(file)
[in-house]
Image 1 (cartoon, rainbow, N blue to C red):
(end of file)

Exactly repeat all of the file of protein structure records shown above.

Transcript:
[in-house]
Image 1 (cartoon, rainbow, N blue to C red):